For most of us, it’s possible that we have never really heard about wastewater systems. You probably hear some horror stories or see them in movies, but what do we really know about them? As we know, sewer systems prevent the spread of waterborne diseases, which didn’t exist in the United Kingdom until some time ago. London, for example, had a very serious problem until 1866, when sewers were built. Five years before “The Great Stink” of 1858, more than 10,000 Londoners lost their lives to cholera.
It is very difficult to imagine life without sewers. So in this blog, we’re going to share with you the top five facts about sewers that you’ll never believe. There is a lot more to sewers that meet our eyes, both literally and figuratively, making them so fascinating. So, without further ado, let’s dive into this blog and learn some of the most interesting facts about sewer systems.
1. Sewer Fatberg
Recently, in 2019, a fatberg the size of a bus was pulled from the London sewer system. The whole thing had a weight of 40 tons, yes, 40 tons! It was an accumulation of fats, oils, wet wipes, and other items that should not be disposed of in the toilet.
Thames Water engineers removed some of this trash by hand. Matt Rimmer, in charge of waste networks at Thames Water, said, “It was a massive and disgusting blockage that took a lot of effort and teamwork to clear and get the sewer working again.”
Fatbergs occur all over the world and wreak havoc on wastewater systems. In an attempt to avoid such instances, Thames Water visits restaurants in the area to ensure employees adhere to the policy of not pouring grease down the drain. They also ensure that grease traps are placed in their establishments to help filter the substances out of the water before it goes down the drain.
2. The world’s largest wastewater treatment plan
Processing more than 330 million gallons of wastewater per day, the Blue Plains Wastewater Treatment Plant in Washington DC, USA, is the largest in the world. That’s a lot of wastewater! This treatment plant treats all this wastewater, producing nitrogen that can degrade water quality. It then discharges it directly into the mouth of the Potomac River. Because of this, it must meet some of the most stringent nitrogen standards in the United States.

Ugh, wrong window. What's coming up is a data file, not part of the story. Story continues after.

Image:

3. A mini-cooper was found in the London sewer system
Yes, you heard me right, well… half a one, to be exact! In 2014, during a large-scale cleaning of London’s sewers, one of the pipes was found to be clogged with half a Mini Cooper. When it was pulled out, Thames Water declared it was in very poor condition and claimed it could be decades old. How had it gotten there? No one seems to know!
4. The inventor of the flush toilet
In 1586, Sir John Harington invented the first modern flush toilet in England, although when the idea came about, many thought it was ridiculous. However, flush toilets have been around for 5,000 years, in ancient civilizations like the Romans! However, it took many years for this invention to become popular until the 1880s, when Thomas Crapper modernized the system.
5. The internet connection
If you have a broadband fiber connection at home, it is most likely routed through the ductwork. So the next time you think about your Internet connection, you might remember that it comes to you through the sewers! Internet providers often use this existing network because it avoids unnecessary and disruptive construction.
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While many factors contribute to a faulty water heater system, and you can fix some of these issues yourself, it is always better to call professional plumbers. They will make sure to handle repairs and provide personalized plumbing solutions to keep your hot water systems in good working conditions.